Ellis Huntsinger founded Huntsinger Farms, Inc. and its subsidiary Silver Spring Foods, Inc. in 1929 when he started growing horseradish and other vegetable crops on a few acres of land near a freshwater spring south of Eau Claire, Wisconsin.
In the early days, Ellis prepared and bottled horseradish by hand in an old milk shed behind his house and sold it locally to help augment his income during Wisconsin's cold winter months.
Huntsinger Farms now grows horseradish in a five-to-seven-year rotation with corn, soybeans, snap beans and other forage crops on over 9,000 acres of prime Wisconsin and Minnesota farmland. Horseradish roots harvested in the spring and fall are placed immediately in cold storage until processed, bottled, and sold under the Silver Spring brand to markets worldwide. Today, Silver Spring horseradish is the number one retail brand in the United States.
Prepared horseradish is traditionally ground and mixed with vinegar as a natural preservative since the fresh root, once washed and grated, would otherwise soon turn dark and lose its characteristic bite. Refrigeration is necessary in order to keep prepared horseradish white in color and to retain its sharp flavor.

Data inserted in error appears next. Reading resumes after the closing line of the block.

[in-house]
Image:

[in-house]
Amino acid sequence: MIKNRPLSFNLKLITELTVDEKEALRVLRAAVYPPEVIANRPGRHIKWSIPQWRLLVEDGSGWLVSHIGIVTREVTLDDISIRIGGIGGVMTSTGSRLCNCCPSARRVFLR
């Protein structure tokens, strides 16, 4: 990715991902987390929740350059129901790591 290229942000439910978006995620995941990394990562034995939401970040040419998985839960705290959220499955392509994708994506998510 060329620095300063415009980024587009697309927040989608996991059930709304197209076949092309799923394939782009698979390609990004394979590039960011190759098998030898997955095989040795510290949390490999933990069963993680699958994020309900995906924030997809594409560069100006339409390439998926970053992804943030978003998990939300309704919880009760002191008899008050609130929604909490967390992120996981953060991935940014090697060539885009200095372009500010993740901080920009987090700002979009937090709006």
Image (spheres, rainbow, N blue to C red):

Ellis Huntsinger discovered that the addition of fresh sweet dairy cream helped to further enhance the flavor, heat, and longevity of prepared horseradish. This discovery helped him expand his horseradish sales to markets throughout the United States.
Currently owned by Ellis Huntsinger's granddaughter and her two sons, the company has been family owned and operated for over 80 years and through four generations. A talented management team and an exceptional group of employees remain dedicated to providing the service and product quality that have been key to our success.
Huntsinger Farm's employees plant horseradish in both spring and fall using custom-built equipment similar to potato planters. Short sections of root trimmed from the previous year's crop are placed in the soil where they will sprout in the spring and grow into a new crop.
Like planting, horseradish harvesting takes place in both the fall and spring. Modified potato diggers reach deep into the soil to remove as much of the root complex as possible. Conveyers fitted with steel bars work to shake off the soil before the roots are loaded in trucks for transport to cold storage.
Farm Manager Ken Traaseth continually works to improve horseradish yield and quality at Huntsinger Farms. He routinely inspects the horseradish fields during the summer